Return to Oz is more true to Baum’s books than The Wizard of Oz

Return to Oz overcame critical disdain to become a cult classic. It succeeded by staying closer to the books of L. Frank Baum than its famous predecessor.

Back to Oz, a live-action film that is not a full-fledged sequel from 1985, survived critical disdain and audience apathy to become something of a cult classic. It was criticized upon its release due to its dedication to the follow-up to the beloved in 1939 The Wizard of Oz His dark tone and subject matter didn’t win him many fans – and even today his naysayers regard him as pretense. One of the greatest and most influential films all times.

Fans, however, are appreciative Back to Oz For its special qualities, which are more impressive than it might seem at first. To look at her as a claimant to the throne is to look with the wrong eyes. Back to Oz It does not work because it is duplicated Charm The Wizard of Ozbut because it captures so much of creator L. Frank Baum’s storytelling The Wizard of Oz Never can. Its discovery required a better knowledge of Baum than the cynics of the time

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The Wizard of Oz made major changes to Baum’s story

Boom’s original book The Wonderful Wizard of Oz He laid a solid foundation for the 1939 film adaptation to build upon. She also conveyed a scope and vision that no film industry at the time could hope to emulate. This includes things like carnivorous Kalidahs and some elaborate wizard dolls that he uses to trick people into believing he has magical powers. The movie also made more subtle changes: eliminating the traditional blue color that dominated Munchkin Country in the books, for example, as well as Dorothy Gale made herself less rigid And more vulnerable.

However, none of this is considered criticism; The nature of the source material simply informed the filmmakers’ choices in an era when everything required practical effects. Indeed, The Wizard of Oz She’s great for the things she can bring, like the winged witch monkeys and the tornado that carries Dorothy away. The decision to make it a musical also has its effect, as great songs often take center stage in a more elaborate development of the world itself. Baum became one aspect of many of the ingredients the film is based on, and while the changes certainly didn’t hurt the final product, they still left noticeable bits of Baum’s flavor behind.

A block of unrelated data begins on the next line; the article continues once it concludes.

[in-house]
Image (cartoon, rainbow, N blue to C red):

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Go back to Oz Sticks more akin to the books

Feroza Bulk in Going Back to Oz

Back to Oz It devotes itself far more to Boom than to the 1939 film, notably by forgoing any musical numbers and sticking more closely to the original scripts. Drawing inspiration largely from the second and third books, The land of Oz And Ozma of Oz. This includes some of its darker elements, notably the evil Nome King who slowly turns Dorothy’s friends into scenes on his shelf, and Mombi: an amalgamation of two characters from the book who maintain a selection of living heads that they can swap and remove like clothes. That also includes a slew of new heroes like Jack Pumpkinhead and Tik-Tok the mechanical man, who fans of the book love as much as he does. The Scarecrow and the Cowardly Lion.

This brings an element to the books that tHe is the Wizard of Oz Can’t help but dwell on: the idea that there was always a new surprise or someone waiting in Oz, no matter how many times readers come back. This, and adherence to some of the book’s darker undercurrents, finds even more fertile ground in Back to Oz than its predecessor. And the special effects in that time have improved greatly, allowing characters like The Gump and Billina, the talking chicken to really stand out. Villains like rolling Wheelers benefited as well, with the Nome King introduced in stop-motion animation that remains impressive to this day.

All coalesced into a solid cinematic vision, one that transcends the shadow of its predecessor to find its own voice. Back to Oz Succeed in her biggest challenge – avoiding comparisons to her The Wizard of Oz — and, in the process, find an angle in mythology that the acclaimed 1939 film couldn’t. Four decades later, her dedication has paid off, making it an evergreen on its own terms rather than the critics’ terms. Oz, and the author who made it, are all her best.

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